Rep. Alexandria Ocasio-Cortez, the high-profile freshman from New York, is leaving open the option of forcing House members to return to Washington to cast a vote on the $2 trillion stimulus package barreling through Congress.
Ocasio-Cortez has expressed her frustration with reports of the stimulus deal, suggesting it's too tilted towards corporations. The deal was reached between senators from both parties -- including the senior Democratic senator from her state, Chuck Schumer, and the White House.
And on Wednesday, Ocasio-Cortez told CNN she is not ruling out asking for a recorded vote, which would force lawmakers to return to Washington and vote in-person, something that most members of Congress are eager to avoid amid the coronavirus pandemic.
Ocasio-Cortez said she hadn't seen the final bill text yet, "but I'm open" to asking for a recorded vote "if necessary."
Asked if she had concerns about forcing lawmakers to return, which would be an unpopular move, she said: "of course."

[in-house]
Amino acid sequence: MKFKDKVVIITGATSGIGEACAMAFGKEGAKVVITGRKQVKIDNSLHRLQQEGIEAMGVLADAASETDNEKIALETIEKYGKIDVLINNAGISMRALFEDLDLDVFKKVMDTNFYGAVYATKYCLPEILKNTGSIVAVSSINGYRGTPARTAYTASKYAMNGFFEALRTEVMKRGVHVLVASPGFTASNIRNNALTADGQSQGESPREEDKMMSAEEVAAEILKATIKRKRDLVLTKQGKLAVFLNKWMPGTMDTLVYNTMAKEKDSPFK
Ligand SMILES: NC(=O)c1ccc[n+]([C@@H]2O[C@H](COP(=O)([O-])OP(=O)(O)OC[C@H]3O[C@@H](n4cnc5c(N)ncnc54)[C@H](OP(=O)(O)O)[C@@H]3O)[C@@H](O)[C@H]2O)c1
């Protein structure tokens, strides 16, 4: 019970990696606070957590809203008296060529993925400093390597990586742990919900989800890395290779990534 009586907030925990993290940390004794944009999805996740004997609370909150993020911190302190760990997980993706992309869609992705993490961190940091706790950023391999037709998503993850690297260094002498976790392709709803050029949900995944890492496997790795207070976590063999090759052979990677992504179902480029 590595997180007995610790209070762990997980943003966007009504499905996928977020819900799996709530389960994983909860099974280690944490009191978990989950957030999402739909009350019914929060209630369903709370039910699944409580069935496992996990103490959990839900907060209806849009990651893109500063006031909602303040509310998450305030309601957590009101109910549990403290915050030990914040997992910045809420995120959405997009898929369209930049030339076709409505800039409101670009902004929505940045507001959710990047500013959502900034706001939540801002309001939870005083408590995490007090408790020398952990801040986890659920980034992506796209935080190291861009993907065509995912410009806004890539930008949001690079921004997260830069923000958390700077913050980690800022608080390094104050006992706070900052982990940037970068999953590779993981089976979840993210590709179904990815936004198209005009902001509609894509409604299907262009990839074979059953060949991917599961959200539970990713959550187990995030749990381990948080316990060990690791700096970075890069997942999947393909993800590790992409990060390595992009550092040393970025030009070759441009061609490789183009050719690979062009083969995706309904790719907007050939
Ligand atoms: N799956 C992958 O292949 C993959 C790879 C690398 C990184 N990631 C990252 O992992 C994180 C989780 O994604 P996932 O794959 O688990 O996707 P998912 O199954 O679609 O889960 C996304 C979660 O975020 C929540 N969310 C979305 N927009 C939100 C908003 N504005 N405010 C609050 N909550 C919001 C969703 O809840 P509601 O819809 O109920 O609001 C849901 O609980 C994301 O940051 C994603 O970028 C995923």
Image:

But she added: "With the health risks of travel, there is no easy choice here. But essential workers are showing up and putting their health at risk every day, and if the final text of a bill is set up to hurt them, it may be something we have to do."
The move would upset the plans of Speaker Nancy Pelosi, who told Democrats on a Wednesday conference call that she prefers that the Senate measure is adopted by the House by unanimous consent, according to a source on the call. Any member could object to unanimous approval.
Another option: Allowing the House to vote by voice, which would allow the presiding officer to determine which side has the most votes. Yet members can ask for a recorded, roll-call vote, which would force the House members vote in person.
Pelosi told her caucus on a conference call that a House vote would not occur Wednesday, according to a source on the call. And House Majority Leader Steny Hoyer said he would give lawmakers 24 hours notice before scheduling a vote.
Pelosi also said she's in contact with the House physician's office about what precautions must be taken in case members are forced to return to Washington, a source on the call said.
A recorded vote could delay final passage for days.